From Our 2010 Archives
Students Warned to Beware of 'Laptop-itis'
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MONDAY, Aug. 16 (HealthDay News) -- The very design of laptop computers encourages bad posture among college students and other heavy users, which can lead to headaches, muscle strain and debilitating neck, shoulder and hand injuries, researchers caution.
The issue stems from the unified body construction that defines laptops, researchers at the University of North Carolina (UNC) at Chapel Hill School of Medicine, explained in a university news release. With an inseparable keyboard and monitor, users are not free to configure their equipment in a way that minimizes risk.
"When you use a laptop, you have to make some sort of sacrifice," Dr. Kevin Carneiro, a physician in the UNC School of Medicine's department of physical medicine and rehabilitation, stated in the news release.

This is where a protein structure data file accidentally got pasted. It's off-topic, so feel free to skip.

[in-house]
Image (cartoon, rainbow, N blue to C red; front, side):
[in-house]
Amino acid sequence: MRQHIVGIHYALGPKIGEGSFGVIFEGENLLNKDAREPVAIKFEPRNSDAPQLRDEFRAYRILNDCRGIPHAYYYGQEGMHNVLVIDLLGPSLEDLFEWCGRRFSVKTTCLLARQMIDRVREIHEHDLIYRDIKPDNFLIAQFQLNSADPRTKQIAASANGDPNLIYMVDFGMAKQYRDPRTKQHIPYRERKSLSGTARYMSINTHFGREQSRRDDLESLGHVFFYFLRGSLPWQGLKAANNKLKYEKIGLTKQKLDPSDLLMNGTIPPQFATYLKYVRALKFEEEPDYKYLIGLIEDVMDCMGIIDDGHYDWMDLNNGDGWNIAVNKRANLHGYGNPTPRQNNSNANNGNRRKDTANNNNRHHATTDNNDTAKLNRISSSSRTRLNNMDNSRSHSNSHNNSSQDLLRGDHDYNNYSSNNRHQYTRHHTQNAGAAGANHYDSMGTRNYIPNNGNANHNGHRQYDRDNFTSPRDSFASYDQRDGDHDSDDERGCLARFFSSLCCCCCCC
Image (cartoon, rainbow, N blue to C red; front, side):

Such a sacrifice to convenience comes at a price, Carneiro noted. Awkward positioning of the fingers and body can cause nerve injury to the wrist and prompt the onset of carpal tunnel syndrome, while poor neck position and shoulder posture can cause muscle strain and soreness in those areas.
Signs of trouble typically come in the form of headaches, wrist pain, tingling in the fingers or thumb, and neck and shoulder pain, he added.
Concern about such laptop health issues is driven by their rising popularity, as worldwide sales now exceed those of standard desktop computers. Students are particularly vulnerable, since laptops are a common feature of campus life.
That said, Carneiro and his colleagues point out that laptop users can take specific steps to minimize their risk.
In addition, watch out for warning signs, including pain and tingling. Carneiro said these may mean you need to use better posture, take more breaks, or see a doctor.
-- Alan Mozes
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SOURCE: University of North Carolina at Chapel Hill School of Medicine, news release, Aug. 11, 2010